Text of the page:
As a garden writer and horticulturist, I am often asked to review new gardening books, which is one of my favorite things to do; especially if the books are about growing plants in the desert.

Years ago, there were precious few books that dealt with the unique challenges and solutions to creating a beautiful outdoor space in a hot, arid climate. Nowadays, there are several books that focus on desert gardening, but most just scratch the surface of how to do it. When I was contacted by The Desert Botanical Garden to see if I would review their new book, Desert Landscape School: A Guide to Desert Landscaping and Maintenance, I said yes.

The origins of the book arose from the Desert Landscape School at the gardens, which offers classes for individuals who are interested in specializing in certain aspects of desert landscaping. Graduates earn a certification in one or more areas, including desert plant palette, planting and maintenance, and desert design. A large group of experts was brought together in the creation of this book, including many that work in the garden.

 

Thumbing through my copy, I looked to see how the information was laid out and whether it addressed common landscape dilemmas that are unique to desert gardening. As you may expect, a book from this prestigious garden didn’t disappoint. I found myself reading through its pages and reliving my early days as a horticulturist learning not only the basics of arid gardening principles but also strategies and tips for growing plants that I didn’t learn until later.

This book is for those who want to learn the reasons why we garden the way we do in the desert to more fully understand it. There is also valuable information regarding plant selection, design, sustainability, installation guidelines, and how to properly maintain the landscape. 

I’ve always said that “gardening in the desert isn’t hard, it’s just different” and the book offers practical tips that make growing plants in an arid climate, easier. For example, connecting tree wells using swales and gravity to allow rain water to flow to where it’s needed instead of down the street.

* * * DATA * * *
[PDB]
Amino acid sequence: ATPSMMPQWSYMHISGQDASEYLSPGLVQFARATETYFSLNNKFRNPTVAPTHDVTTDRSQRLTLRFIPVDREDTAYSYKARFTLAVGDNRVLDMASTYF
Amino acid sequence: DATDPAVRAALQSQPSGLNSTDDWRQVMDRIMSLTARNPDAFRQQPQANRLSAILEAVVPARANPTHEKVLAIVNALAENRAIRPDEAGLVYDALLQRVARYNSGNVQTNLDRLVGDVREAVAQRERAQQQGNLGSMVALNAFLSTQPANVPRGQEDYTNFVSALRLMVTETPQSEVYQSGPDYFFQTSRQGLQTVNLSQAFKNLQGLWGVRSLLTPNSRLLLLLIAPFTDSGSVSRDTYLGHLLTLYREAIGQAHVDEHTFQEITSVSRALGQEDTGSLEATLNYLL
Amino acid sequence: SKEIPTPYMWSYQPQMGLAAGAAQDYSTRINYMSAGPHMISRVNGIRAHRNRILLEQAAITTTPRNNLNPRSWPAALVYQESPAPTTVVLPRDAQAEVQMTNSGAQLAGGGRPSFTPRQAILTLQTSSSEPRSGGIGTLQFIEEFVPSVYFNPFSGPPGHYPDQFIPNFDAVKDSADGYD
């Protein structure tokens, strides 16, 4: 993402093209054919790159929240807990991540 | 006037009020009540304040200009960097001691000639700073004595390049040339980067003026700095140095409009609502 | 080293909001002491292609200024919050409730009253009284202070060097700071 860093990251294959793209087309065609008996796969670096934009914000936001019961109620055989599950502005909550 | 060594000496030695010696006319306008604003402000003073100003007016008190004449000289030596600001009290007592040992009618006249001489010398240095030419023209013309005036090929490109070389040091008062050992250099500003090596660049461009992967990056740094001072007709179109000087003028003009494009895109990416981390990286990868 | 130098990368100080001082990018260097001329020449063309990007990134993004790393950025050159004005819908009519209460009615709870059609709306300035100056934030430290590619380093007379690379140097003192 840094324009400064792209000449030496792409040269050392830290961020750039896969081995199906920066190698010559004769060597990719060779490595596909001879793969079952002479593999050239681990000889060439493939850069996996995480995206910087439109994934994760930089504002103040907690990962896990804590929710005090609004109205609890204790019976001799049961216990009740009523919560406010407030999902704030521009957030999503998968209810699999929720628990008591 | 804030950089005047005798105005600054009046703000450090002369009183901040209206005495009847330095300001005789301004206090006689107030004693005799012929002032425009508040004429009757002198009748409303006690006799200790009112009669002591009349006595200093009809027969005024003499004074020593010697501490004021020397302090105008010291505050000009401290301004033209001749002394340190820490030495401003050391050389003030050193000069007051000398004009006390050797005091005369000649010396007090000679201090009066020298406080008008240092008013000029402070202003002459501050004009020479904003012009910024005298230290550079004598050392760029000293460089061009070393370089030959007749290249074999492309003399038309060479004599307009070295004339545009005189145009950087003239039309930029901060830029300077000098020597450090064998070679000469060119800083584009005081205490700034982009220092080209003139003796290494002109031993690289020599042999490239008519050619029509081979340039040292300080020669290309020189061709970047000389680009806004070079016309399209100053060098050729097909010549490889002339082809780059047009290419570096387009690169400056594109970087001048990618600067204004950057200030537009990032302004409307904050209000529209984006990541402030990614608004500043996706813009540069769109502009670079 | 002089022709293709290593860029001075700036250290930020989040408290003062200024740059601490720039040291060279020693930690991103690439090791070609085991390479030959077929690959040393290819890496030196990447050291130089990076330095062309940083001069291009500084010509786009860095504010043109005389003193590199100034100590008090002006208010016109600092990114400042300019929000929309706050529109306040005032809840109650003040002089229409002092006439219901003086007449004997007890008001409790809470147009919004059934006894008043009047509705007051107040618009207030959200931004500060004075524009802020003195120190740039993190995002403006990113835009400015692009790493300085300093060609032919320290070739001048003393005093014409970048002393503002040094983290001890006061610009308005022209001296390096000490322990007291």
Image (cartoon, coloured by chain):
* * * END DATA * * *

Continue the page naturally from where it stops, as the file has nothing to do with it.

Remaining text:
For those of you who have read my blog for awhile, you won’t be surprised to learn that I was interested in the pruning and maintenance section, as I am passionate about teaching people correct pruning practices. One illustration that grabbed my attention was the right and wrong way to prune palm trees.

Badly pruned palm trees

I had taken this photo a couple of weeks ago of palm trees that had been pruned incorrectly with too many fronds removed. Overpruning weakens the tree and leaves it open to other stresses, which the book addresses.

The structure of the book is set up so that each section can be read on its own, so readers can focus on what they are interested in learning most. Of course, I recommend reading the entire book as it contains invaluable information which leaves the reader well-informed and confident in their ability to garden successfully in the desert southwest as well as other desert regions.

Desert Landscaping & Maintenance is truly a one-of-a-kind book that serves the role of several desert gardening books in one, and I highly recommend getting your hands on a copy of this brand new desert gardening guide.

Right now, the book is available for purchase for visitors to The Desert Botanical Garden or you can buy it online.

It’s one of my favorite times of year in the garden – my peach trees are heavily laden with delicious, sweet fruit ready for picking.

Many people are surprised to learn that you can grow peaches in Arizona, but they do very well. However, they do ripen earlier than in cooler climates. May is peach season here in the desert.

My peach trees sit outside my kitchen window, and I’ve been keeping my eye on them to see when they were ready to harvest.  Finally, the day arrived, and I brought out my bushel basket and got to picking.

One peach tree can provide you with most of the peaches you need. Last year, I made peach blueberry jam, which was so good, that it didn’t last long. Today, I’m planning on making regular peach jam, but I can always buy peaches from the store at another time to make other variations if I choose to.